On the server side the problem is more difficult. As you correctly say, a work item could get lost if the server crashes anywhere between taking the item out of the queue and finishing the processing of the item in a certain worker. Leaving the work item in the queue until it is processed is also not a really good solution here, because then you would need to wait until one item is processed to take out the next queue item, which makes it no more possible to process items in parallel.
A way to deal with this problem would be to let the worker respond to the client when the task is finished, and let the client resend the message if the worker doesn't answer in a specified time span (or to implement a ping mechanism to recognize when the server goes offline before finishing the task and then let the client resend the message).

You can expect to see more functionality concerning these problems in future releases - there will be addons to deal with typical problems like reliable messaging or load balancing (although i cannot yet tell you when).


Aug 9, 2010 at 1:31 PM

@Renier: I second what Thomas wrote.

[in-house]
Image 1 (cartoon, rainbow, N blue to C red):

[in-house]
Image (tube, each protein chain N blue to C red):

But on the other hand: The AppSpace is not an ESB. So I guess you´ll never see some features that ESB provide regardless what we might add in the future. We don´t want to duplicate ESB functionality. So it might well be the case you´re better off with an ESB. I encourage you to try them out.

Also some features might be beyond what should be done in infrastructure. Instead you need to model your own solution. Think about protocols for example. If you´ve a need to a particular style of communication, check if it´s right to see it as a reponsibility of an infrastructure like the AppSpace or an ESB.

We´ll be very careful to not burden the AppSpace with feature creep.

Aug 10, 2010 at 8:23 AM
Edited Aug 10, 2010 at 8:44 AM

I understand the concern that the framework should not become bloated. However I do see a problem with the reliability.
In a normal scenario (non-async, oldskool messaging), one would listen on a port perhaps (TCP/HTTP/etc) on the server side, and on the client side it would connect to this port, and send the data. The client would know if the packet got sent or not, and could decide what to do next).